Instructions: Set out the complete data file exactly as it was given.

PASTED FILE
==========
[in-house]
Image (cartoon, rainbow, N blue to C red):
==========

[in-house]
Image (cartoon, rainbow, N blue to C red):